Friday, January 9, 2009

ADHD and Alcoholism: The Corpus Callosum (part 1)

In our last post, we discussed some of the ties between ADHD and eating disorders such as bulimia. In this post, we will begin the first of a multi-part investigation on the connection between ADHD and alcoholism. In this session, we will see how these two disorders are both tied to improper function in a key brain region known as the corpus callosum.
Note the relative position of the corpus callosum in the diagram below (source of image here):

A quick aside: Note the proximity of this corpus callosum brain region to the cingulate gyrus (labeled "Gyrus cinguli" in the diagram above), a region which we discussed in a recent post on attentional control. The cingulate region can be thought of as the brain's "gear shifter". If underactive, it leads to consistent lack of focus on one thought or task (a hallmark characteristic of ADHD), if overactive, the cingulate can result in overfocus (a characteristic of obsessive compulsive disorder, or OCD).

Returning to the corpus callosum area of the brain, which is layered inside the cingulate gyrus, we can see some sub-regions of note. These include the genu and the splenium. There is also a small region (not listed on the diagram above), called the isthmus, which is just to the left of the splenium. Of these regions, pay close attention to the isthmus, genu, and corpus callosum.

Note: the classification of these brain region sometimes varies, some methods classify the isthmus and genu as part of the corpus callosum, while others group them as seperate elements. No need to get any further into specifics, but when I refer to "corpus callosum" in the context of this post, I am referring to the region distinct from the isthmus, genu and splenium.

The corpus callosum is primarily responsible for connecting and integrating information from the left and right hemispheres of the brain. It is composed of millions of individual fibers and is necessary for the integration and processing of sensory information and expressing this information through verbal language. This is one of the later-developing regions of the brain, and continues to develop and become more efficient during adolescence (and even into early adulthood). Studies have shown that this prolonged developmental process leaves brain regions like the corpus callosum more prone to improper development. One of the reasons young children have trouble expressing visual images verbally is because speech control is typically on the left side of the brain and visual imaging and imagination is typically on the right.

Improper development of this corpus callosum region can lead to quirks such as split brain. Additionally, it has been reported that development of this brain region can be impeded by prenatal alcohol exposure and is entirely missing in around seven percent of children with fetal alcohol syndrome. Additionally, chronic alcohol abuse can result in thinning in the corpus callosum region.

In addition to the inhibition of this key brain region due to alcohol exposure listed above, it appears that there may be an underlying factor at play for this region for both ADHD and alcoholism. A reduction in size in the corpus callosum, genu and isthmus has been associated with ADHD in both children and adults. A study done by Venkatasubramanian and coworkers found a connection between smaller volumes in these same three regions of the brain and an increased risk of developing alcoholism.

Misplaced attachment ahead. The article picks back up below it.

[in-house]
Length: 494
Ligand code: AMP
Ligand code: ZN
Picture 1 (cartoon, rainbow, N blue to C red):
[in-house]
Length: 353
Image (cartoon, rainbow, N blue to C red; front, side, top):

Note that a reduction in size of the corpus callosum has been linked with a decreased functional ability in this region as well. This includes the processing of information between the left and right hemispheres of the brain in processes such as integrating information of visual images obtained from both eyes.

In addition to its role in expressing and processing ideas and thoughts from both sides of the brain, the corpus callosum is also integral in coordinating movements in different parts of the body. This includes governing motor inhibition (restricting unwanted or inappropriate movements) across the body. Interestingly, individuals with ADHD have been shown to have a decreased ability in utilizing the corpus callosum to control movements, which is often tied to the impulsive behavior of ADHD individuals with their actions (such as constantly grabbing or playing with objects at inappropriate times).

The corpus callosum is not the only brain region thought to be involved with both ADHD and alcoholism. For example, the prefrontal cortex (the brain region behind the forehead), which we have discussed extensively in other posts, has repeatedly been found to be underactive for individuals with ADHD. Additionally, Schweinsburg and coworkers found a decrease in activation of the prefrontal cortex correlates with a higher risk in suffering from alcoholism.

In the next few posts, we will examine some of the genes thought to be underlying factors in both ADHD and alcohol abuse. Additionally, we will examine some of the numbers to get a better understanding of the magnitude of overlap between the two disorders. Finally, we will examine some of the "warning sign" behaviors which youngsters might display before the onset of alcoholism occurs.

However, in the next entry, we will examine whether there is a hereditary factor in place surrounding brain volume, as well the prevalence of expressed outward symptoms of ADHD, and how these are both associated with an increased risk in developing alcoholism later in life.